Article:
The Practice of Baptism at Renew Communities
If you are reading this guide because you have placed your faith in Christ and, as a result, desire to be baptized, we are so excited about that. When we planted this church, we knew that God was calling us to see whole communities renewed by the gospel in every way: spiritually, relationally, economically, emotionally, and psychologically. Yet, the basis for that renewal begins in individual people who respond to Jesus’ call to find their life in him and live a life that looks like his. Ultimately, baptism is a commitment to God's renewal in us as an individual, it joins us to the renewed community called the Church, and it serves as a call to partner with God in the renewal of our broken world. Now you know why we are so excited that you are considering baptism as a believer. Here are some questions that we’d like for you to consider as you move forward:
What is Baptism?
The four words that describe what Renew believes about the practice of baptism are symbol, celebration, witness and incorporation.
There are deep truths behind the act of baptism. In Romans 6:1-11, Paul talks about baptism as an identification with Christ in his death in resurrection. Baptism isn’t an empty act void of meaning or significance for our walk with Christ. In fact, it symbolizes the main theme of our Christian lives - dying to ourselves and being raised to new life with Christ. In baptism, we act out what has and will continue to happen through our relationship to Christ as we faithfully walk with him. Baptism is a symbol that points to the reality of the death and resurrection of Christ taking root in our lives.
God celebrates every time one of his children is found and we should too. In Matthew 18:10-14, Jesus tells a story of a lost sheep and says that whenever a shepherd finds his sheep that he rejoices over that one sheep. Similarly, baptism is a practice where we join in God’s celebration over those whom he has found. It’s a hopeful event where we see, in physical form, the resurrection of Christ at work. In a sense, we get to experience a mini-easter whenever a baptism occurs.
Baptism would be a ridiculous act if it didn’t point to a reality greater than ourselves. Renew believes that any celebration should begin to move us towards others in our lives. So it is with baptism. This moment of celebration and individual renewal should cause us to reflect back on our own stories and fill us with a joy that propels us towards our neighbor. When we experience God’s renewal in our lives, the Spirit is usually beckoning us to be a part of the renewal in the world around us as well. As a body, we want celebration to move us into witness.
Something spiritual and unseen happens in through the experience of baptism - we are incorporated into the Trinity and the body of Christ - the Church. In Matthew 28:19-20 where Jesus gives his famous last command to his disciples, he tells them to “baptize them [new disciples] in the name of the Father, Son, and Holy Spirit”. We do this in a physical way through baptism of course, but there is a spiritual reality here as well. Jesus is telling his disciples to help new disciples to immerse their lives in the love and life of the Trinity. Baptism is an act where God mysteriously and beautifully incorporates us into the Trinity and to the global body of Christ.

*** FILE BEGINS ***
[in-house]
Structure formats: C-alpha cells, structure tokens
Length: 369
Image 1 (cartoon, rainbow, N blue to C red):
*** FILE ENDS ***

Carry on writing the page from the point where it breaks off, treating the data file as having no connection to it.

Why be Baptized?
Read: Matthew 3:13-17; Matthew 28:19; Ephesians 2:8-9
There are a number of valid answers to this question and an attempt to earn good favor with God is not one of them. The Bible does not suggest, and therefore Renew Communities does not believe, that the act of baptism places us in good standing with God.
Instead, Renew believes that baptism is an act of obedience for those who have already placed their faith in Christ.
Salvation is a gift from God that does not rest on the practice of baptism. When we receive the gift of salvation solely earned by Christ through his death and resurrection, we also receive a new way of life - Spirit-empowered obedience. In Jesus’ own baptism, we see an affirmation of his sonship and identity. Ultimately, baptism is a step of first obedience for the life of the believer
Who should be Baptized?
Read: Matthew 28:19; Acts 8:12; 9:18-19; 10:44-48; 16:14-15; 18:8
The consistent view of the New Testament is that someone first believes in Jesus and then is baptized as a sign of this declaration and commitment.
Acts 16:33 is often an argument for infant baptism, but at Renew, we believe in the practice of adult baptism. We understand the meaning and significance of infant baptism and if you grew up in a tradition where infant baptism was practiced, we do not want to demean that. However, when we look at baptism in Scripture, even Jesus’ baptism, we only see evidence that points to adult baptism.
If you were baptized as an infant and would like to talk more about this, please reach out to one of our pastors.
1. If you haven’t already done so, express your desire to be baptized to one of the staff members at Renew by sending an email to firstname.lastname@example.org.
2. Share your desire to be baptized with close friends and family as a way of honoring those close to you.
3. Prepare your story to share with the body of Renew. Below are some questions to ponder as you prepare that story.
4. Ask a believer who has played a significant part of your story to baptize you. You may also ask one of the staff or pastors if they are that person.
5. Plan to be present for our next baptism service. We usually try to plan two baptism services a year and we will send out more info once that time approaches.